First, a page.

Yes, I continue to complain about ASU Gammage as it is NOT a space that was designed to house touring versions of Broadway musicals. It was designed as a concert hall and no matter how much money is spent to “remodel” the facility into one appropriate for Broadway musicals, it can never be retrofitted into a Broadway theater. If this commentator is content that Broadway shows must be housed at ASU Gammage that is fine. First of all, TCA is NOT an appropriate space for touring Broadway musicals and to even suggest such a scenario is ridiculous. All spaces at the TCA are not big enough to support a touring Broadway musical nor are the backstage areas at TCA big enough for a touring Broadway show.

    There is one facility in town that has sufficient space to house a touring Broadway show and that is Phoenix Symphony Hall which many years ago used to be the place in town that touring Broadway shows played. Unfortunately this acoustically fine hall is so heavily booked by the Phoenix Symphony, Ballet Arizona, and the Arizona Opera that there is no time available to house touring Broadway shows except for a few weeks during the summer. The other downtown Phoenix theaters are not appropriate for Broadway shows including the too small Orpheum Theatre and the acoustically appalling fiasco with a stage too hard for any stage production that the city built that only works for boxing matches. It has had several titles depending upon who is willing to spend money to put their name on the terrible facility. It may be the only large theater in the Phoenix area that is worse than ASU Gammage and even this facility was tried by ASU Gammage management to house the touring Radio City Music Hall Christmas show. That lasted a few seasons and then abruptly stopped.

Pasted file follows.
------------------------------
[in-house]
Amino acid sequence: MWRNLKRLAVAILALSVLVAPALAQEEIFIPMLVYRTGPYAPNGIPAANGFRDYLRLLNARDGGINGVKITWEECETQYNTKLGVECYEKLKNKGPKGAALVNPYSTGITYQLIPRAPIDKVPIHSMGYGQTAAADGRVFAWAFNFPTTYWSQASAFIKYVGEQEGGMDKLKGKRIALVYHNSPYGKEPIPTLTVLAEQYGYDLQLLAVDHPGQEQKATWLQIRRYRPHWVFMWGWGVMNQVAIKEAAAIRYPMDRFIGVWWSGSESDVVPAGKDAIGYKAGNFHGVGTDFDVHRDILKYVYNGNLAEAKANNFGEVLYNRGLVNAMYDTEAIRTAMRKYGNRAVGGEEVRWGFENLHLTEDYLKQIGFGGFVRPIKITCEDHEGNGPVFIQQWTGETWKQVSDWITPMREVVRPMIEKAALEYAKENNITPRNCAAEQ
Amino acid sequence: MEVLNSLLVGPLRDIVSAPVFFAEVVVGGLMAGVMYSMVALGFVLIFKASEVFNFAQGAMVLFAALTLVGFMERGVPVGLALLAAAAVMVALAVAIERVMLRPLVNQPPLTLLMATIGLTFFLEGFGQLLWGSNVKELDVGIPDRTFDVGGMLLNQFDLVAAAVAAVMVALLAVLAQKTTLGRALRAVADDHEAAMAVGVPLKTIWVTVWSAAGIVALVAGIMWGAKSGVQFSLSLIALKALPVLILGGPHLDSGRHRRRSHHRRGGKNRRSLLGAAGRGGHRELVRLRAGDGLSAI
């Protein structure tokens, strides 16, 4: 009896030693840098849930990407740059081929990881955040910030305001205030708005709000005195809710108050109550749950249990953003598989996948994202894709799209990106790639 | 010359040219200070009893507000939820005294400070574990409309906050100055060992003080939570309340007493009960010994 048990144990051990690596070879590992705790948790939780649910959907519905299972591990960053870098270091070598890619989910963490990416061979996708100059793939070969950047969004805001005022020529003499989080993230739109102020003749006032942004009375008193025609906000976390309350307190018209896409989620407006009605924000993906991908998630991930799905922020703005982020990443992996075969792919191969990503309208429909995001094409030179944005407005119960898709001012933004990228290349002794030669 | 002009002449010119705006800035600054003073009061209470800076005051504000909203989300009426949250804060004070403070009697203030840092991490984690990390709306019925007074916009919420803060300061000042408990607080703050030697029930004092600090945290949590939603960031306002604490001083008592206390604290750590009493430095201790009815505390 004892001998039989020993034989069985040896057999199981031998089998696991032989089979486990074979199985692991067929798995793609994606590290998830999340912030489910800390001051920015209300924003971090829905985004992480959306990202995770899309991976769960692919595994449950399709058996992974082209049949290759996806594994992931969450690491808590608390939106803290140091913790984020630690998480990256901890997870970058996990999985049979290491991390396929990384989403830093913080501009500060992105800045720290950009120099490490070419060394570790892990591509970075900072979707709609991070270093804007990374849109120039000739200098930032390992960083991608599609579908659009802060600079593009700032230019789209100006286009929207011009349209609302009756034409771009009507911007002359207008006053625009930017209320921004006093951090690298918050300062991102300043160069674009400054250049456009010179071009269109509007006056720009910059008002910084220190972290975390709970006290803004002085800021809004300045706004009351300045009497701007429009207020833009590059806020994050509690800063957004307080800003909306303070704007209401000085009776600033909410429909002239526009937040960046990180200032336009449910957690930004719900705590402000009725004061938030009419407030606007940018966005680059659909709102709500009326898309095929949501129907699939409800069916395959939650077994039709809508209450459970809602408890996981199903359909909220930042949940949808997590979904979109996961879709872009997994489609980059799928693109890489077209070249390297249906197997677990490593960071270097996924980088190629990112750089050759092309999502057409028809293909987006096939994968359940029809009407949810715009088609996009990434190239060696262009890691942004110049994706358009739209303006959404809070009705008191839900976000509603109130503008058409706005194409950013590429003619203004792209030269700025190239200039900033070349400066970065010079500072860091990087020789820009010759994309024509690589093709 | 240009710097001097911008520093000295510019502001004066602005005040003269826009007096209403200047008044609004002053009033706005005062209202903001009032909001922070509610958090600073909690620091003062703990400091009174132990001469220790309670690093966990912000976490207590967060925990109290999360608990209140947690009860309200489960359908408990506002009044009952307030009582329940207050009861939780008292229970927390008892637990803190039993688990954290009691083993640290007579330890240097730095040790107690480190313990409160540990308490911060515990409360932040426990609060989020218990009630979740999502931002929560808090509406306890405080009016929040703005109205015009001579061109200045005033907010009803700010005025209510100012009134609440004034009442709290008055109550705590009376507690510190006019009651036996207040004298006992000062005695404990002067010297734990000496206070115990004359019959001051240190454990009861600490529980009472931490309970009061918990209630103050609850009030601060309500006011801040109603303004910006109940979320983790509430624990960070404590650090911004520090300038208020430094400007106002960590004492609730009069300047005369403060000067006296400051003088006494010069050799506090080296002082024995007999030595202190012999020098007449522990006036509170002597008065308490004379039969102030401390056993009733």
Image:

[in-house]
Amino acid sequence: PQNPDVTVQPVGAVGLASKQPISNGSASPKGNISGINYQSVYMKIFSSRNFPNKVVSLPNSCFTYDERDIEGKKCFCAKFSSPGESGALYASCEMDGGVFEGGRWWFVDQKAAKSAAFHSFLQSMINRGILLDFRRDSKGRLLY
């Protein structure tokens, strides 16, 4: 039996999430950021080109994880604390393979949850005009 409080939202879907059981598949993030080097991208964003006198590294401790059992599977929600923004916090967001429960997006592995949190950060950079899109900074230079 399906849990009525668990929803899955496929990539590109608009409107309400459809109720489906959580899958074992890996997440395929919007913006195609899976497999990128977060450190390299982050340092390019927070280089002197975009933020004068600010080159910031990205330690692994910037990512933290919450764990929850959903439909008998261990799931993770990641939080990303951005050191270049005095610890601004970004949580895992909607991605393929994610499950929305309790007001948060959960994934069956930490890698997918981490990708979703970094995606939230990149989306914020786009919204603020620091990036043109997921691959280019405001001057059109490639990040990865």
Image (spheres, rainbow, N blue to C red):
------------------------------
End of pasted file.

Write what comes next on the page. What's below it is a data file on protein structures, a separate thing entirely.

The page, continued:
So what does this terrible situation mean for Phoenix. A rich person or corporate entities need to contribute sufficient money to build a 2,750 to 3,000 seat theater with great acoustics for Broadway shows and enough backstage room and equipment to adequately house touring Broadway shows. It would also be nice if it could restrict the capacity when a touring play comes to town.

    Or we can continue to get Broadway tours at ASU Gammage which is NOTHING like any Broadway theater. No Broadway theater is bigger than 1,750 seats and all have excellent acoustics for plays and musicals where sound professionals insure that every word can be heard. Remember also that since ASU Gammage was designed as a concert hall, not all seats have an adequate view of the stage a requirement for any theater housing Broadway shows. My “Miss Saigon” seats were on the extreme side and I was unable to see the entire stage so I missed seeing some scenery since the sight lines were so dreadful from my seats.